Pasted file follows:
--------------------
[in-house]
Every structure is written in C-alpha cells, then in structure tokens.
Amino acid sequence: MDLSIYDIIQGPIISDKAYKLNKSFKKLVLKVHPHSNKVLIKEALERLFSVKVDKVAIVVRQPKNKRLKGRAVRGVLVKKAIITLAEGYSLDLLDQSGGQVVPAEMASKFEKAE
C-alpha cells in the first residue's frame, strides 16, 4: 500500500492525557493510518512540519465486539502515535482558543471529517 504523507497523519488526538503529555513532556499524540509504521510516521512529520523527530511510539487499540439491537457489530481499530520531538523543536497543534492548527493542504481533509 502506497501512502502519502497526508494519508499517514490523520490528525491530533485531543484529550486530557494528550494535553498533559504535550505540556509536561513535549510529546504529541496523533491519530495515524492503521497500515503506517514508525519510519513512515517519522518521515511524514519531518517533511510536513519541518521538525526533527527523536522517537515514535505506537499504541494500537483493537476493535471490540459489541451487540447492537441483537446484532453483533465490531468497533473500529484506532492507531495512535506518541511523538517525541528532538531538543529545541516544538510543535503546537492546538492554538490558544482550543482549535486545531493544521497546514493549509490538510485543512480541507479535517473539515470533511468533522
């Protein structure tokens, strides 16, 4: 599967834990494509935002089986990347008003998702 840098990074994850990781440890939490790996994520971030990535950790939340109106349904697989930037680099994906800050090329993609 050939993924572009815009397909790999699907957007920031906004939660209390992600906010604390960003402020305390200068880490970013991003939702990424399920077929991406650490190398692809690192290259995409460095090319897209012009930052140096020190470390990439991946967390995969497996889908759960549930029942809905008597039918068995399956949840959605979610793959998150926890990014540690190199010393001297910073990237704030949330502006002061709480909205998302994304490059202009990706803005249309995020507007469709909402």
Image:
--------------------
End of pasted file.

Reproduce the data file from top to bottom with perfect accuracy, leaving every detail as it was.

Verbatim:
[in-house]
Every structure is written in C-alpha cells, then in structure tokens.
Amino acid sequence: MDLSIYDIIQGPIISDKAYKLNKSFKKLVLKVHPHSNKVLIKEALERLFSVKVDKVAIVVRQPKNKRLKGRAVRGVLVKKAIITLAEGYSLDLLDQSGGQVVPAEMASKFEKAE
C-alpha cells in the first residue's frame, strides 16, 4: 500500500492525557493510518512540519465486539502515535482558543471529517 504523507497523519488526538503529555513532556499524540509504521510516521512529520523527530511510539487499540439491537457489530481499530520531538523543536497543534492548527493542504481533509 502506497501512502502519502497526508494519508499517514490523520490528525491530533485531543484529550486530557494528550494535553498533559504535550505540556509536561513535549510529546504529541496523533491519530495515524492503521497500515503506517514508525519510519513512515517519522518521515511524514519531518517533511510536513519541518521538525526533527527523536522517537515514535505506537499504541494500537483493537476493535471490540459489541451487540447492537441483537446484532453483533465490531468497533473500529484506532492507531495512535506518541511523538517525541528532538531538543529545541516544538510543535503546537492546538492554538490558544482550543482549535486545531493544521497546514493549509490538510485543512480541507479535517473539515470533511468533522
């Protein structure tokens, strides 16, 4: 599967834990494509935002089986990347008003998702 840098990074994850990781440890939490790996994520971030990535950790939340109106349904697989930037680099994906800050090329993609 050939993924572009815009397909790999699907957007920031906004939660209390992600906010604390960003402020305390200068880490970013991003939702990424399920077929991406650490190398692809690192290259995409460095090319897209012009930052140096020190470390990439991946967390995969497996889908759960549930029942809905008597039918068995399956949840959605979610793959998150926890990014540690190199010393001297910073990237704030949330502006002061709480909205998302994304490059202009990706803005249309995020507007469709909402």
Image: